Pultenaea hispidula

Rusty Bush-pea

Family: Fabaceae subfamily Faboideae

An erect, spreading shrub, to a height of about 1 metre, often with many drooping and densely hairy branches.

It grows in NSW mainly on the central and south coast subdivisions, south from around Brooklyn, through the Sydney-area, and then scattered through the southern highlands, then growing around Jervis Bay, with disjunctions to Nelligen, Merimbula-Tathra area and further south near the border. It is common in Victoria in disjunct patches across the southern half of the state and also common in the east of South Australia.

It generally grows in heath as well as dry sclerophyll woodland and forests, usually on sandstone.

Pultenaea is a member of the “pea” family. This generally means that leaves are alternate with stipules (leaf-like appendages) at the base of the petioles. Pultenaea spp. however, can sometimes have opposite leaves or leaves in whorls of 3. One of the key features of Pultenaea is that the stipules are fused behind the axillary bud.

In this species, leaves are alternate, but densely clustered, oblong to obovate, to 10 mm long and 2 mm wide, with lanceolate stipules at the base; the upper surface may be darker than the lower; and with hairs.

Flowers are, of course, pea-shaped (a term sometimes used is papilionate), with 5 petals in a fixed arrangement; the main back petal is called the “standard”, two lateral petals called “wings” and two fused petals at the bottom called the “keel” (in which the anthers and one carpel tend to be hidden). Pultenaea spp. sometimes have bracts surrounding the inflorescences, and bracteoles attached to the calyx tube or just below on the pedicels (at different locations in different species). These bracteoles can also have accompanying stipules.

In this species, flowers are to 8 mm long, yellow-orange overall, arranged in leaf axils, solitarily or in clusters of up to 5, near the ends of short side branches. The standard petal is to 10 mm wide, yellow to pale orange with red markings on the back. The wings are yellow and the keel red or crimson. Flowering occurs from August to December.

The fruit of all peas is a pod. In this species, it is ovate, to 5 mm long.

In the garden

Currently, there is not a great deal of information available about the cultivation potential of this species. It may be difficult to establish or keep in cultivation for a good amount of time.

In well drained moist soils, this species flowers profusely and is partial to dappled shade. It also requires good drainage with ample moisture and watering over long dry periods. Tolerates moderate frosts. The foliage colour is a feature if you are partial to greyish coloured leaves as they make a good contrast if planted in groups and light up partially shade positions.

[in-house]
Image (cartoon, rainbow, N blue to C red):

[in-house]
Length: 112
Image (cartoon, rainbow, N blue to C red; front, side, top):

It grows naturally on sandy soils and so may need this in a garden to grow well.

Many members of this genus can be a little difficult to establish in a garden situation.

They prefer soil with moderate drainage and a semi shaded site. Prune after flowering to maintain a dense bush with more flowers the following season.


Is carried out by either cuttings or seed and results are reasonably good from both methods. Cuttings should be from newer wood with the soft tips removed.

A lot of seed is destroyed by insects resulting in a low number of viable seeds.

Before seeds are sown they must be treated by chipping, scarifying or hot water, which are all satisfactory methods to aid germination.

Other information

There are approximately 120 species of Pultenaea, making it the largest pea-genus in Australia. They are endemic to Australia and occurring in all States except the Northern Territory. NSW currently has about 95 taxa with some informally recognises and some that are species-complex.

This genus contains some species complexes and is under taxonomic revision.

Pultenaea spp. will generally regenerate from seed after fire.

Pultenaea – is named in honour of Dr Richard Pulteney (1730–1801) – an English botanist who published a biography of Carl von Linne (Linnaeus).

hispidula – from the Latin hispidus meaning “rough, hairy, bristly”, referring to the hairs on most plant parts.

This species is not considered to be at risk of extinction in the wild.

NSW Flora Online (PlantNET) – Pultenaea hispidula profile page

Wikipedia – Pultenaea hispidula profile page

By Jeff Howes. Editing and additional text by Dan Clarke